This week's horrific shootings at Virginia Tech defy any in-depth analysis. Although the incident may eventually be more fully documented than any other in our nation's history, in part due to the killer's own use of the media, and vigilante student journalists' attempts to record it with their cell phone cameras or handheld video cameras, no amount of knowledge can let us understand why it happened, or what really could have been done to prevent it. While some look at the two hour gap between shootings and the police's inability to stop it a massive intelligence failure, I can't possibly hold the law enforcement liable.
As I've mentioned a few times on this blog, for just over a year I was the full-time crime reporter for the UC Berkeley student newspaper, the Daily Californian. While most stories consisted of tracking the occasional assault and battery or in more fun times, a rash of vending machine thefts, I did have the occasional proximity to bloodshed. And in one incident off-campus, I was at the scene of a double homicide, whose perpetrator, as far as I know, was never found.
That's where I look for some small parallel to the Virginia Tech massacre. To campus police, the shooter had taken two lives in an apparent domestic incident, and fled. While they were of course looking for him, there was no call to cancel classes or lock down the campus, in fear he had more violence in him. In the incident in Berkeley, there was no call to cancel classes or warn neighbors that the unfound gunman would strike them next. It was seen as a domestic incident, and nothing more.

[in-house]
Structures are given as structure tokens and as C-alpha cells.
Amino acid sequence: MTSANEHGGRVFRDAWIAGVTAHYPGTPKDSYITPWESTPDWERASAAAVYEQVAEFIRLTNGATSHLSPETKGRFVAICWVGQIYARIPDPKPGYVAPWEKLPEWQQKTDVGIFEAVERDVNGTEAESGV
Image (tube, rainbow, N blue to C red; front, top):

What separated the Virginia Tech incident from the one in Berkeley in the fall of 1997 was, of course, that the killer wasn't done killing. Not by a long shot. For a domestic dispute to balloon into one of mass murder and chaos is so incredibly rare, it's without shock that the shooter caught the entire university community unready for what had come next. And going forward, as there are more calls for police scrutiny, ramped up security and furor to avoid copycats or more bloodshed, it may all be for naught. We cannot predict the next move in the mind of a deranged killer, and we shouldn't expect our law enforcement to be super-human. Given everything they knew at Viriginia Tech, and their expectation they were dealing with a domestic dispute gone bad, we cannot blame the police or the university for what happened next, as horrible as it was.
As easy as it is to find somebody to blame, there can only be one person - the one who pulled the trigger. It's not the police force or the university, or video games, or even the laws which let him purchase the guns. As they say, when there is a will, there is a way, and in this time of terror, his will was unstoppable.